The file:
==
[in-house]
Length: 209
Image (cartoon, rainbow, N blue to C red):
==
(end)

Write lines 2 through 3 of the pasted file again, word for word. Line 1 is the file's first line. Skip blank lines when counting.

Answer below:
Length: 209
Image (cartoon, rainbow, N blue to C red):